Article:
• [...] Emily Matchar has written a much more thorough post about the ridiculousness of the article on her wonderful New Domesticity blog, but for the purposes of this space, the article reminded me of all the times I’ve been trying to make non-cooks around me not feel badly for being non-cooks. Maybe it’s the holidays or the fact that I called this blog The Feminist Kitchen and not The Feminist Eater, but it seems like I’ve had a dozen exchanges recently like the one this week with powerful, enlightened women who throw down the guises and say — in the face of this growing food movement that includes too much shaming of people who either don’t cook or don’t know much about, say, sushi — “I don’t cook.” [...]

  • ah I just love this post because I was thinking of this last night as I made cookies for our office cookie swap. I thought about how I didn’t want my desire to bake cookies last night (while watching home alone 2 of course) to somehow speak for my preference/judgment of the other people who brought cookies, homemade or not. It’s a weird position to enjoy cooking and not feel that everyone else should because it seems being into cookies/baking makes some people think are you aligned with the ny times snobby opinion of food and food ways when all I really want to do is make a good cookie for fun.

  • [...] interesting piece by Emily Matchar about a judgey pants article that was published in the NY Times bemoaning the lack of home  made [...]

  • [...] Would you DARE to bring store-bought food to a potluck? [...]

  • Anna Tevka

    I like your blog but wonder why your tagline doesn’t include both men and women and your musings about the “new domesticity”. Disappointing.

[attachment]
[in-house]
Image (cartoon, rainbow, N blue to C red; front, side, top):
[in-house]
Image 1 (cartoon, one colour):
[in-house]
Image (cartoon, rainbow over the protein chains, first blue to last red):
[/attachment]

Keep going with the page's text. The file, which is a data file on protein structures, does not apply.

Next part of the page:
• Emily

      Hi Anna,
      Glad you like the blog! That tagline references women because the blog is essentially notes/musings for a book I’m writing about women and domesticity – I’m researching the history of women and homemaking, and looking at how women’s attitudes about this stuff have changed over the years and continue to change. But even though I’m writing through the lens of women’s history, I definitely do look at and write about men too.

  • We have pot luck afternoon teas at our permaculture group gatherings, and I can’t believe how many people bring store-bought food. I thought the whole point of permaculture was to grow your own and this should extend to making something for afternoon tea, even if its just cheese on crackers or some fruit, it doesn’t have to be gourmet cookies! The only reason I’m a snob about this is I don’t like eating any food additives, and if its not home-made its likely to include a whole lot of crap that I don’t want to eat, although even if it IS home-made its not necessary safe either. Fortunately enough people bring home-made that I can still enjoy afternoon tea and just wonder what the others were thinking…